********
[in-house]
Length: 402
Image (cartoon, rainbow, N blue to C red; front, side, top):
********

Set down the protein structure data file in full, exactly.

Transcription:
[in-house]
Length: 402
Image (cartoon, rainbow, N blue to C red; front, side, top):